Masonry vs the Japanese Government

The Gentleman’s Agreement

Saburo Katagiri PGM, Grand Lodge of Japan

In 1885, a Scottish lodge was founded in Nagasaki,[1] bringing the number of Masonic lodges in Japan to seven.[2] In 1887 (or the 20th year of the Meiji Era), the Japanese Government passed legislation to deal with the political confusion of the time, purging several influential politicians from the Tokyo area.[3] Among those ordered to quit the capital were Yukio Ozaki and Tohru Hoshi. They were opposed to the rapid introduction of Western ideas into Japan; a policy which, they claimed, would adversely affect traditional Japanese culture. The legislation also required police approval for all public meetings, both indoors and outdoors.

The legislation was eventually rescinded in 1898, and was no more than a minor episode in the turbulent political history of the Meiji Era. It was, however, to have a major effect upon the future of Masonry in Japan.

When the new law came in effect, foreign Masons in Japan were, for the most part, unconcerned. Under international treaty, Japanese law did not apply to foreigners, and all criminal incidents involving foreigners came under the jurisdiction of a “Consuls’ Court” formed by a committee of consuls residing in Japan.

In 1894, however, the United Kingdom and Japan signed a Treaty of Commerce and Navigation which, among other things, granted the citizens of each country full access, and hence full accountability, to the legal system of the other nation.[4] With other countries expected to follow the United Kingdom's lead, the members of Masonic bodies in Japan began to feel concern for the privacy of their meetings.

They asked Bro. W. H. Stone, District Grand Master (DGM) for the United Grand Lodge of England, to talk to the Foreign Minister of the Japanese Government, with the aim of obtaining permission to hold Masonic meetings without police supervision. Bro. Stone succeeded in obtaining this permission, but in return had to promise that the Masonic bodies would not admit Japanese citizens, nor would they have any contact with the Japanese community at large. The agreement was on an oral basis.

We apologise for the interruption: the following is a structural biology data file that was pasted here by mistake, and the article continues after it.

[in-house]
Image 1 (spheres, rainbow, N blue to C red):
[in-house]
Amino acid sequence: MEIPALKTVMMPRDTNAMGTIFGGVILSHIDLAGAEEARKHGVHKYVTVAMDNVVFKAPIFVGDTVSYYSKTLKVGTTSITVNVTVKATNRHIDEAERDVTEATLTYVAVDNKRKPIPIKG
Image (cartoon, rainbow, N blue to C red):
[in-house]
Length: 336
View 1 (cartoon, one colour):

Although no relevant records have, as yet, been discovered in the archives of the Japanese Government, some written evidence remains on the Masonic side:


The DGM (Unite) quoted an interesting part of the 29 December 1898 Address of a previous DGM, Bro. Stone: “As during the course of the coming year, in accordance with the revised Treaties concluded between this Empire and all other civilized countries, we shall come under the laws of the country in which we live, I think it well to recall to your minds what I mentioned in an address some years ago: 'That, at a specially asked for interview with the Minister of Foreign Affairs, I had been assured that the Government, from all it had heard on the subject, knew nothing but good of Freemasonry, and looked upon it with friendly eyes.' Some few years later I was given the same assurance. These, to my mind, were perfectly satisfactory.”

A year later, on 29 December 1899, Bro. Stone remarked: “We have now come fully under the laws of the Empire and, whilst there has been nothing whatever to mark the change to us as Mason, I considered it advisable to direct that all public advertisements of meetings etc. should be stopped. Under the general acceptance of the term, an advertised meeting is, to a certain extent, a public meeting, and that is not our aim. We desire to carry on our work quietly and without ostentation and for this reason I am not disposed to encourage or sanction any public display of the Masonic Body.”

(Grand Lodge of Japan. Masonry in Japan: The First 100 Years—1866–1966)

These remarks leave two questions unanswered: who was the Foreign Minister who accepted the request of the Masonic bodies and in what year did it happen? The interview with the Minister must have been before 1898, most likely a few years before, but definitely after 1887. There were only two Foreign Ministers appointed during that period: Shigenobu Okuma and Munemitsu Mutsu. It is also possible that Bro. Tadasu Hayashi could have been party to the interview as he was the Assistant Foreign Minister during this period and was fluent in English. Although he was not a Mason at that time, it is possible that the negotiations might have been a trigger for him to become a Mason in later days.

The “Gentleman’s Agreement” continued till 1941 when the Pacific War commenced.

January 2005

(To be continued)


[1] Nagasaki Lodge No. 710. With the movement of foreign merchants to Kobe, the lodge was unable to sustain regular activities and closed in 1911.

[2] For a list of these seven lodges, follow this link.

[3Hoan-jorei in Japanese.

[4] The Treaty came into force in 1899. (English text)